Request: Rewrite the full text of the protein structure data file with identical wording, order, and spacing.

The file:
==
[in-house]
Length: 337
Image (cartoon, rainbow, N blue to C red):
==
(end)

[in-house]
Length: 337
Image (cartoon, rainbow, N blue to C red):